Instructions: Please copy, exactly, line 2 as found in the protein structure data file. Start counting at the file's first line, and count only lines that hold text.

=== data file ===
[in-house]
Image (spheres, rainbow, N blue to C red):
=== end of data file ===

Image (spheres, rainbow, N blue to C red):